Not familiar with Spark Camp? It’s a series of weekend gatherings involving the future of media, featuring intimate conversations, idea development, and problem-solving, and focused on a specific theme. (We at the Nieman Foundation hosted a Spark Camp on the subject of money this summer.) Here’s how they describe themselves:
About 60 invitees attend Camp. Once confirmed, Campers soon realize that they’re each uniquely connected to everyone assembled, whether it’s through a shared hobby, or favorite book or even a past workplace. By deeply connecting our Campers not just professionally but on a number of different levels, long-lasting relationships are catalyzed. Spark Camps have focused on “data,” “money,” and “real-time information,” and are highly creative gatherings that further innovation and spark practical solutions to the challenges the media and technology industries face.
Spark Camp is a 501(c)(3) nonprofit organization, founded in 2011 by Amy Webb, Amanda Michel, Jenny 8. Lee, Matt Thompson, and Andrew Pergam, who believe that journalists can find ideas and inspiration from outside their industry. They argue that ideas are meant to be challenged, and that a diversity of approaches and people makes for the best kind of conversation.
Over the rest of this week, we’ll be bringing you the thoughts of Spark Camp alumni on the most important ideas in journalism this year. First up are:
— Matt Thompson, Spark Camp co-founder and manager of digital initiatives at NPR. Matt is also an adjunct faculty member at the Poynter Institute and a board member at the Center for Public Integrity.
So, according to the script Robin Sloan and I wrote for EPIC 2014, it was right between 2010 and 2011 that the digital behemoth Googlezon started mining facts from various data sources and algorithmically recombining them into news stories. As if on cue, Narrative Science was founded in 2010. According to Wired, the company’s fact-mining robotic algo-writers produced 400,000 accounts of Little League games last year and was on track to produce another 1.5 million or so this year. The company’s blog for Forbes is just about as compelling as any collection of company earnings previews I’ve ever read (i.e. not at all).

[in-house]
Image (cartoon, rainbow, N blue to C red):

As everyone who’s covered the company has noted, Little League game briefs and earnings previews are just an appetizers for the feast of personal/local/sensor-driven/etc. data that’s starting to stuff our lives. After I give Narrative Science or its ilk access to my Nest thermostat or my Withings scale (I don’t have either of those things; just riffing here), I imagine I’ll find its competent but unimaginative monthly reports pretty interesting. Have them hire one of the politi-quants (Nate Silver, Sam Wang, Drew Linzer, etc.), and you’ve got yourself a competent-but-unimaginative FiveThirtyEight for every local congressional election. (“There aren’t enough polls in the field to be too confident this far out, but both the history of this district and other local polling trends suggest that Byron McGillicuddy is the candidate to beat in HR 7.”)